Rhea Seehorn (left) and Bob Odenkirk
Photo: Nicole Wilder (AMC/Sony Pictures Television)

Charles “Chuck” L. McGill, Jr., Esq. is dead. There’s no use in eulogizing him here, not when Better Call Saul devotes most of its fourth-season premiere to that act, while also rattling off a touching newspaper obituary. But some acknowledgment is in order: This is a loss for the characters, and it’s a loss for the show. Michael McKean lit into Chuck’s churlishness and condescension for three seasons, providing the Breaking Bad prequel with an antagonist every bit as intimidating as the emerging heavyweights of the Albuquerque underground. He was the constant threat of exposure for his ne’er-do-well brother, Jimmy (Bob Odenkirk), humanized by a possibly psychosomatic condition that neither McKean nor the show overplayed. It’s the curse of the McGills to be consumed by their weaknesses, a dramatic fuel Better Call Saul harnesses to tremendously combustive effect now that McKean is watching from the sidelines.

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The show’s best opening stretch to date finds its chemistry in grief, generating drama from the collisions of people at varying stages of the Kübler-Ross model. Jimmy’s in denial, poring over the classifieds, interviewing for jobs that are way below his qualifications, and falling back into old habits. Kim (Rhea Seehorn) is split between anger and the lingering stress of her own recent trauma, manifested in the post-car-crash scar-tissue prosthetics and arm cast Seehorn carries over from season three. Chuck’s partner in the firm of Hamlin, Hamlin & McGill is bargaining, a heretofore unseen capacity for guilt and shame driving Howard Hamlin (Patrick Fabian) to drop poorly timed information on Jimmy and offer some severely deficient compensation for Chuck’s death—which in turn prompts some righteous fury-acting from Seehorn.

The emotional volatility is compounded and contrasted by the show’s game of drug-trade musical chairs: Nacho (Michael Mando) rushes to fill the power vacuum left by the incapacitated Hector (Mark Margolis); Gus (Giancarlo Esposito), predictably, plays a cooler hand. There’s still poignant material here—some internal wrestling glimpsed in a moodily shot encore to “Lantern”’s pit stop at the Varga family upholstery shop—but these characters are mostly being tasked with supplying the fourth season’s storytelling momentum. Nacho’s ambitions gave Mando’s scenes a big shot in the arm last year, an effect that should intensify now that he’s being paired with Esposito in a display of Fringian machinations and manipulation that also has Mike getting the lay of the land at Madrigal Electromotive. The show has proven it can introduce Los Pollos Hermanos into its diet without overindulging, a positive sign now that Nacho and Gus’ converging paths make Better Call Saul feel more plot-dense than ever before, speeding Gus’ rise and suggesting that maybe Nacho didn’t have it so bad under Hector’s thumb.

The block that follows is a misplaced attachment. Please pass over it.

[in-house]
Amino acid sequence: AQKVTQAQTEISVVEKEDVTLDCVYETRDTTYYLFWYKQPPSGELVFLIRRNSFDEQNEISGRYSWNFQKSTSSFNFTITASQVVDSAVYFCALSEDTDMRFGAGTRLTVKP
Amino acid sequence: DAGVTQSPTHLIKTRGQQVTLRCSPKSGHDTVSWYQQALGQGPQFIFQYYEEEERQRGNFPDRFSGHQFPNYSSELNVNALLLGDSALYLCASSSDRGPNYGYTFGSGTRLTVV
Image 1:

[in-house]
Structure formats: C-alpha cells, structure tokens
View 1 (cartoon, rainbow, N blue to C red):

None of it detracts from Better Call Saul’s heart-palpitating sense of tension. It’s there from the jump, in the black-and-white broadcast from Jimmy’s future that has more typically served as allegorical aperitif and/or droll respite from the suspense of what follows. The events of episode two have Jimmy engineering a small-time heist in episode three, one that calls back to “Alpine Shepherd Boy” while nodding toward one of Breaking Bad’s final arcs. It’s nerve-jangling, rib-tickling stuff, and its limited sources of illumination—a flashlight here, a desk lamp there, parking-lot-fluorescents-through-vertical-blinds throughout—keeps the action legible in ways that many contemporary dramas could take a note from.